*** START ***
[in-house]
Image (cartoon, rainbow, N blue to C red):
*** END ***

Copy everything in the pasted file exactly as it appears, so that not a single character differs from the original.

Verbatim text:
[in-house]
Image (cartoon, rainbow, N blue to C red):